“Buy cheap, buy twice”, so the old adage goes. Rob Walker (pictured), VP Decisioning and Marketing at Chordiant, explains how this old phrase identifies the opportunity for growth within the saturated broadband market …
It has been a busy year for broadband providers, M&A activity, triple play and quadruple play, and local loop unbundling has led to well documented price wars.
According to new research from Enders Analysis, a telecoms and media consultancy, the number of new subscribers to "always on" internet access has fallen below three million for the first time in three years.
What does this mean for the market? What happens when all the potential customers have been snapped up? How does your business grow?
We’ve now reached a point where those who want “always on” connections are already on. This means existing strategies to expand the customer base, need to be revised rapidly.
While the fierce price wars within the industry seem to indicate that a potential customer’s key concern is the cost of the service, in practice the situation seems to be more complex.
While cost is no doubt a key concern and likely to seal-the-deal, it is not long before the customer realises the cost often matches the service – cheap. While the market may not be growing, it is certainly churning. While the customer may already be on, this doesn’t mean they aren’t prepared to switch.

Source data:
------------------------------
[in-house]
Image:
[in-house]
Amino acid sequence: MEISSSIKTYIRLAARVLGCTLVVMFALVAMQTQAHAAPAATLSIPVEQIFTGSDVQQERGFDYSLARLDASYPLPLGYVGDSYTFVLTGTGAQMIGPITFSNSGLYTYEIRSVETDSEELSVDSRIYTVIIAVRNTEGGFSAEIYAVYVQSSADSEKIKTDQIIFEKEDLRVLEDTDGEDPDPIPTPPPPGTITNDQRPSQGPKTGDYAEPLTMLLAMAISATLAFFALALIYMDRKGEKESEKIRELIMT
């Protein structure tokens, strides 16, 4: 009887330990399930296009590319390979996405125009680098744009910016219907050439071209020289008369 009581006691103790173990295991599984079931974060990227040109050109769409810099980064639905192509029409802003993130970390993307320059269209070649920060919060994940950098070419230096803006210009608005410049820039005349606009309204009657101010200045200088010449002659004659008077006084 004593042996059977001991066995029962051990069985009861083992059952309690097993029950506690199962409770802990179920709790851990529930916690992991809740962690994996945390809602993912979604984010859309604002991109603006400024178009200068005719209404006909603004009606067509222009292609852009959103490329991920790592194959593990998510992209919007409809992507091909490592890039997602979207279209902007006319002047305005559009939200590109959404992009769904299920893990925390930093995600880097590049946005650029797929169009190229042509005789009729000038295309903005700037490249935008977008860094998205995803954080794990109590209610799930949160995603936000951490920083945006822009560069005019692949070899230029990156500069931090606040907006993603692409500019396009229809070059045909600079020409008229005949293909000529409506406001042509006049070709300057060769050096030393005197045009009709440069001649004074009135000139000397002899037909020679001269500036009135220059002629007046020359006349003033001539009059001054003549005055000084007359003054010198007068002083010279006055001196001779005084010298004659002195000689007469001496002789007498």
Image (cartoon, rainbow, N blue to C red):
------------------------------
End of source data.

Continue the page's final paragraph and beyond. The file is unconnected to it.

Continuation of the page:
Point Topic, the leading websource on DSL and broadband, has released research which has shown that overall customer satisfaction has dropped by as much 15 per cent in the past year and that the number of customers who are very, or fairly, dissatisfied has nearly doubled.
As a result it is hardly surprising that customer churn continues to be a problem with one in 10 consumers switching providers in the past six months.
In the current market, where consolidation will bring fewer new adopters and there is so much churn, broadband providers must realise they cannot distinguish services through price alone.
Providers will increasingly need to entice customers from rivals. Where they cannot compete on price, there is one area where they can – the Customer Experience.
Offering a superior Customer Experience is the key to succeeding in an increasingly competitive market. When there is not much to separate providers in terms of price or service, Customer Experience is one of the only ways to differentiate services and reduce customer churn.
The essence of effective Customer Experience, is to adopt a strategy where the call centre agent’s focus is on conversation and understanding customer need rather than selling.
Our work with O2 has shown that through helping call centre agents to address the needs of their customers both during and after the sales process, rather than just selling products, sales will actually increase.
If a broadband provider adopts this approach, their customer will not feel a victim of the “buy cheap, buy twice” philosophy, rather someone who has chosen wisely, and is more likely to stay put.
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